French pension reform plan triggers new strikes, protests
New nationwide strikes disrupted public transport and schools, as well as power, oil and gas supplies in France, while tens of thousands of demonstrators marched Tuesday in a third round of protests against planned pension reforms.
The protests came a day after French lawmakers began debating a pension bill that would raise the minimum retirement from 62 to 64. The bill is the flagship legislation of President Emmanuel Macron's second term.
Tens of thousands marched in the cities of Nice, Marseille, Toulouse, Nantes and elsewhere, as well as in Paris. Protesters in the French capital, many of whom were young, marched from the Opera area across the city carrying placards reading "Save Your Pension" and "Tax Billionaires, Not Grandmas."
France's current pension system "is a democratic achievement in the sense that it is a French specialty that other countries envy," said one protester, media worker Anissa Saudemont, 29.
"I feel that with high inflation, unemployment, the war in Ukraine and climate change, the government should focus on something else," she added.
AP journalists covering the protest in Paris observed smaller crowds than in the previous two days of action. Much of the Paris march was peaceful, but there were flashes of unrest; police said officers detained 10 people for "throwing projectiles" and alleged vandalism.
Yet the nationwide disruption Tuesday, including in schools, was expected to be lower overall than before.
French Prime Minister Elisabeth Borne defended the government plan Tuesday but suggested there was room to make adjustments.
"I'm convinced there are points of agreement to be found. I'm convinced that we can improve this text together. It will be through debate, confronting ideas and, of course, respect," she said, noting graffiti that appeared on the meeting place of the National Assembly, including a door marked with "60."
If nothing is done, Borne said, taxes and social charges will increase, along with unemployment and lower purchasing power. That would would cost retirees with modest pensions and "all those who worked all their lives, and certainly not the big bosses," she said.
"Voila, your alternative project," Borne said.
Last week, an estimated 1.27 million people demonstrated, according to authorities, more than in the first big protest day on Jan. 19. More demonstrations, called by France's eight main unions, were planned for Saturday.
Rail operator SNCF said train services were severely disrupted Tuesday across the country, including on its high-speed network. International lines to Britain and Switzerland were affected. The Paris metro was also disrupted.
Saad Kadiui, 37, a consulting cabinet chief who had to go through a disrupted Paris train station Tuesday, said he did not support the "wearisome" strikes. "There are other ways to protest the pension reform," he said.
Kadiui said he supported the principle of the pension reform but wanted the bill to be improved in parliament. "I think that for some jobs, 64 is too late," he said.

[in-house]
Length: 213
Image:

Power producer EDF said the protest movement led to temporarily reduced electricity supplies, without causing blackouts. More than half of the workforce was on strike at the TotalEnergies refineries, according to the company.
The Education Ministry said close to 13% of teachers were on strike, a decrease compared to last week's protest day. A third of French regions were on scheduled school breaks.
Macron vowed to go ahead with the changes, despite opinion polls showing growing opposition. The bill would gradually increase the minimum retirement age to 64 by 2030 and accelerate a planned measure providing that people must have worked for at least 43 years to be entitled to a full pension.
The government argues the changes are designed to keep the pension system financially afloat. France's aging population is expected to plunge the system into deficit in the coming decade.
The parliamentary debates at the National Assembly and the Senate are expected to last several weeks.
Opposition lawmakers have proposed more than 20,000 amendments to the bill debated on Monday, mostly by the left-wing Nupes coalition.
Philippe Martinez, secretary general of the powerful CGT union, called on the government and lawmakers to "listen to the people." Speaking on French radio network RTL, he denounced Macron's attitude as "playing with fire."
Macron wants to show that "he is able to pass a reform, no matter what public opinion says, what the citizens think," Martinez asserted.
The head of the CFDT union, Laurent Berger, also called on the government to "listen" to the crowd that took to the streets. "One can only respond to social tension through the democratic exercise of power," he told French newspaper La Croix.
Rancor over the pension plan went beyond parliament's raucous debate. The speaker of the lower house, the National Assembly, reported that the bill had triggered anonymous voicemails, graffiti and a threatening letter to the head of the chamber's Social Affairs Committee.
"That's enough," Yael Braun-Pivet tweeted. "These acts are an attack on our democratic life. ... We won't tolerate it."
Several lawmakers from the far-right National Rally party received voicemails during Monday's debate saying that loved ones were hospitalized, in an apparent ploy to make them leave the assembly. The group's leader, Marine Le Pen, said she was filing a legal complaint.
AP Writer Sylvie Corbet and Elaine Ganley in Paris contributed
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